Tuesday, 13 January 2015

Borneo continued...

Ah yes, the refugees... first encountered really first-hand when we were in eastern Turkey in November 2013, and met people who had fled across the border with Syria. Saw several films a couple of months ago in the 2014 Torino Film Festival, addressing the subject on a wide scale. I am always occupied by this question: what or where is home, how much does a person need in order to feel "at home"; is it really, as is said, "where your heart is" and can it be that everywhere is home, and that you can carry a sense of being in the right place, wherever you go?
In recent years I have rarely felt "alienated" and in fact have usually felt I brought/took with me my own feeling of home. We have recently visited Oman, Dubai, Turkey, the lands of the Kurds, Greece, Italy and now Borneo, not to mention of course, our familiar civilizations of France, England or the Netherlands. In each place I watch and listen (well, I try to!) and piece together all the growing information. Think this is a kind of cultural anthropology, but perhaps that's giving it too high-falutin' a name! All fascinating, anyway.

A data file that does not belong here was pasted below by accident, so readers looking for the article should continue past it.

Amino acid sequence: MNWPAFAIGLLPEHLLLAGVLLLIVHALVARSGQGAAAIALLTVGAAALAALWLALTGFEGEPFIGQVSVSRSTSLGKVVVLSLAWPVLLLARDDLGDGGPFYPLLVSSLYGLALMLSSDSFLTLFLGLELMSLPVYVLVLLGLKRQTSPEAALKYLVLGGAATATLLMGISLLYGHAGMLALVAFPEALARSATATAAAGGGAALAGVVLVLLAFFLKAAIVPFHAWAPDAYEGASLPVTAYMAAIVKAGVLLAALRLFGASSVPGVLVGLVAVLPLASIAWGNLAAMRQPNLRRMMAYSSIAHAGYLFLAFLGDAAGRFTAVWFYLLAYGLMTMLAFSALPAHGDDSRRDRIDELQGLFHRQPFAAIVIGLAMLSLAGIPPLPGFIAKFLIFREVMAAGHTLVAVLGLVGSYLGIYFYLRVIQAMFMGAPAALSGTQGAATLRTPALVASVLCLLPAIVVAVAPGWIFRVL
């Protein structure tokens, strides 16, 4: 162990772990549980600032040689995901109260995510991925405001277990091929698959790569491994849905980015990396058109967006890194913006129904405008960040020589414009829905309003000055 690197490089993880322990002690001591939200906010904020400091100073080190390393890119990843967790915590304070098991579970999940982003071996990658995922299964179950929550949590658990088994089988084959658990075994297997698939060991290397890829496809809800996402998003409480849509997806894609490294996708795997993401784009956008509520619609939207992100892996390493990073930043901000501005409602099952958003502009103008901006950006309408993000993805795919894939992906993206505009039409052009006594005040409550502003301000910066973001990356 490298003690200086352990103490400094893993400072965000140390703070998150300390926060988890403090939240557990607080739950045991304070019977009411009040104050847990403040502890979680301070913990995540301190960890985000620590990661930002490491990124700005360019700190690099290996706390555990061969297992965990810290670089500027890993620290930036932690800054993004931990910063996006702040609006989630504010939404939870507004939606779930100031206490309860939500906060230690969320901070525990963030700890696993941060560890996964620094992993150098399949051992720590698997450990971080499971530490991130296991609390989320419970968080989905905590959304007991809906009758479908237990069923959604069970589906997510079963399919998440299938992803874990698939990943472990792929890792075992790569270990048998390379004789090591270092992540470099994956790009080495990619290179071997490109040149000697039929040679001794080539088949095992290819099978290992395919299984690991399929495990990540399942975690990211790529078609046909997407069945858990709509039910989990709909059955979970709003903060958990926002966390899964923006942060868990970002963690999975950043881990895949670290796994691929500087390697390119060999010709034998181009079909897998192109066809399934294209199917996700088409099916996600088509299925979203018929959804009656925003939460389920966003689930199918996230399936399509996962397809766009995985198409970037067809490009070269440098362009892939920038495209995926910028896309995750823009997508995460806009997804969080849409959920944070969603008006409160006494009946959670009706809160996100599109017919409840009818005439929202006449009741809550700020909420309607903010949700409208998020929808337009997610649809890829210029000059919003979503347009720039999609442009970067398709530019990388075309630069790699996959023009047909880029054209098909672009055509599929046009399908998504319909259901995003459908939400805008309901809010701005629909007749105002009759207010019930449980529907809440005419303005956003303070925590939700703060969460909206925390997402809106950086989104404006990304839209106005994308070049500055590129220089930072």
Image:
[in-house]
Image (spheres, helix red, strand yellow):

It's pouring outside (an evening downpour). Happily this sluicing wetness quickly dries. Mist hangs over the treetops in the morning but evaporates as the hours pass. Judy my daughter has just fixed a boat trip for us tomorrow afternoon. With a covered seat, just in case one of the downpours chooses to descend between four and six p.m.
Almost time for bed now ... I have to lay me down before 10 p.m. because this house awakes at six, fumbling out of sleep into a usually sunny morning; the boys' school starts at seven. Different patterns from that other world, in Europe.
Today David and I fixed some of our programme for the next two weeks, including trekking in Sarawak in the Kelabit Highlands, followed by several days in Kuching (urban culture exchanged for the orangoutans and proboscis monkeys...)
Such a different world; the nearest I have been to this is the couple of weeks spent in Bali, around thirty years ago, working on a book about a Dutch painter who worked in Ubud. But that was in the summer; hotter and the heat more oppressive. Here in Brunei in January I find the climate more or less acceptable.
And today we climbed a strenuous hill (ha ha) at the end of the morning. Breaking in my wonderful new boots (bought in Amsterdam) and reminding my muscles about climbing on and off the boat. Felt wonderfully exhilarated (the walk/climb took an hour and a half) and David and I conclude we are both fitter now than we were ten years ago. (And only got a few mosquito bites, despite a spraying of Deet before we set out.)
The next topic will be the delights of being a granny; or rather, the delights of young children when one doesn't have to be with them hour in, hour out.

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